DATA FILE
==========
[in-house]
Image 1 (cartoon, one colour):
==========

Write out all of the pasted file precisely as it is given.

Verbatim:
[in-house]
Image 1 (cartoon, one colour):